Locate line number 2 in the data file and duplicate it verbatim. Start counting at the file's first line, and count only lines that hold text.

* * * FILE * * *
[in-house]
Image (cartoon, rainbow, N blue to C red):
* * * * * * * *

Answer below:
Image (cartoon, rainbow, N blue to C red):